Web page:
eighteen.””

The lack of emphasis on the Tamaki post-Lacanian view of fandom is interesting, but the more inclusive, more diffuse definition above serves well enough. I’m just fixated on Tamaki’s thing, with his heavy emphasis on libidinized interest, faults and all.

To the survey:

Valid responses 1353 out of 2848 (47.5%) most of the rest ditched as incomplete, some other small disqualifications (d=25)

“females accounted for 52.4% of the respondents, while males accounted for 46.1% :
“non-heterosexual” females accounted for 30.0% of respondents,
“heterosexual” females for 15.2%,
“non-heterosexual” males for 4.7%, “heterosexual” males
for 39.5%, and “other” for 1.2% (don’t know: 8.1%; n/a: 1.3%).
I deliberately put all labels for “sexual identities” in quotation marks since they do not necessarily reflect the “sexual identity” of any of my participants. It could very well be the case that yuri content is enjoyed by females who are less interested in the political aspects of their “sexual identity” (namely the LGBT movement) and see sexual activities as something they do (or could do), but which do not define them. As Welker (2010b) notes, what connects “lesbian” Japanese women is their deviation from social expectations rather than a shared identity. Furthermore, as discussed, I find supposedly fixed categories such as “homosexuality” highly problematic. My usage here is a matter of convenience as it permits me to analyze my data in a meaningful way. The blanket term “non-heterosexual” is intended as a neutral way of describing all kinds of (fluid) “sexual identities.” I agree that it is not a perfect choice (Weeks, Heaphy and Donovan 2001, vii), but it seems like the English language is still short of a better alternative.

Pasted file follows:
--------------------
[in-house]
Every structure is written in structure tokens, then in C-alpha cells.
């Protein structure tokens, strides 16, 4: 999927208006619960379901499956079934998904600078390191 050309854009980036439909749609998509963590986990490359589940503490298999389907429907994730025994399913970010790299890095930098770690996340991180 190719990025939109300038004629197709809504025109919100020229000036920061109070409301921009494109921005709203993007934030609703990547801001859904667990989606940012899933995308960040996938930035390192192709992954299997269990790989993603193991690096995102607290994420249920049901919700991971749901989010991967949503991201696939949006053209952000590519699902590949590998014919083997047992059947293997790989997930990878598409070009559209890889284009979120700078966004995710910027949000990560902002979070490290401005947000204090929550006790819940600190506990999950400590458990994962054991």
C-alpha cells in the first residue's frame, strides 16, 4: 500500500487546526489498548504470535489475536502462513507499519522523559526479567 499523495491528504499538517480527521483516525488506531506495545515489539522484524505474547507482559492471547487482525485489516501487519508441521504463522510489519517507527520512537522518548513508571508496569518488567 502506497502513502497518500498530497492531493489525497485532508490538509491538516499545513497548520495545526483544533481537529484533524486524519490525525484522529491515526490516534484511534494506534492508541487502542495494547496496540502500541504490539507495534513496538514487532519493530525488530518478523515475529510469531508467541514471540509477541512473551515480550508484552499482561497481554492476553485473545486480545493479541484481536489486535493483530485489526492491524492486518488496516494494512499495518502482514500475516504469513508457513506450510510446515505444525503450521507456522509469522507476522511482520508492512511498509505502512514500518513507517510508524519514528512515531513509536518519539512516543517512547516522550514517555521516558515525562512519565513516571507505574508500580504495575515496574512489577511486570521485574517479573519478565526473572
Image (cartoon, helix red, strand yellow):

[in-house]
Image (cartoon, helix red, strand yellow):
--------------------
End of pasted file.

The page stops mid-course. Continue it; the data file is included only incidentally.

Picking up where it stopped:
[…]
Yet enjoying what others did and doing it yourself are two different things, as the results for the question about fan work production show:
13.9% of respondents had produced both parodies and originals, 16.9% only parodies, 8.5% only originals, and 60.7% had produced no fan works at all.
Here we see that the fans of the yuri genre exhibit various ways of engaging with their favorite text(s): far more respondents consumed fan works (81.2%) than produced them (39.3%). Only 17.2% of all respondents neither consumed nor produced yuri fan works, a result that attests to the importance of this aspect of fandom. Further analysis shows that while 49.3% of female respondents answered that they had produced some kind of yuri fan work, only 27% of male respondents said this (***p<.001), a finding consistent with prior research on Japanese fan works (e.g. Orbaugh 2010, 177)”

Asked about the need for explicit depictions of f:f sex in the works, a great many of the respondents professed to be either not that interested or even against the raunch.

Maser also asked about crossover interests between BL and Yuri:

“My survey covered this topic by asking participants whether they were interested in the boys’ love genre: 55.8% of respondents said they were interested, 34.2% said they were not, and 10.0% were not sure. This result supports the idea that the fandoms overlap. A further breakdown by “sexual identity” shows that it was mostly female and (to a lesser degree) “non-heterosexual” male respondents who liked both yuri and boys’ love: 75.3% of “non-heterosexual” females and 83.0% of “heterosexual” females, as well as 57.8% of “non-heterosexual” males answered this question with “Yes”—but only 27.2% of heterosexual” males did (***p<.001). This is probably not surprising given that the majority of boys’ love fans are female.”

Then there was related finding, one that is very, very Japanese:

“A further analysis of the responses to my survey indicates that iyashi was especially important for fans of specific texts. For example, 79.5% of those who gave the pornographic text Shōjo Sekuto as one of their favorite titles also gave iyashi as one of their reasons for 150 liking yuri manga (***p<.001, n = 132). In the case of those who preferred yuri anime, iyashi was especially important for the fans of the series Yuru yuri. 81.4% of those who gave Yuru yuri as one of their favorite yuri titles also gave iyashi as one of their reasons for liking yuri anime (***p<.001, n = 113)”